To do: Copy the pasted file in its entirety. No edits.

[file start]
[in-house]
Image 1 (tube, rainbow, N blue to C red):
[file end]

[in-house]
Image 1 (tube, rainbow, N blue to C red):